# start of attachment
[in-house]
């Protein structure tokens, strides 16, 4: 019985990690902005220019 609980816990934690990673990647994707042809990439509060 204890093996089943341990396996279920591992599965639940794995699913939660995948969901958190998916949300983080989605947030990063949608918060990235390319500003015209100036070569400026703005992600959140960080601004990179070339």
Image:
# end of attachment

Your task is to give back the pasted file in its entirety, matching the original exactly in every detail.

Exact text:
[in-house]
């Protein structure tokens, strides 16, 4: 019985990690902005220019 609980816990934690990673990647994707042809990439509060 204890093996089943341990396996279920591992599965639940794995699913939660995948969901958190998916949300983080989605947030990063949608918060990235390319500003015209100036070569400026703005992600959140960080601004990179070339």
Image: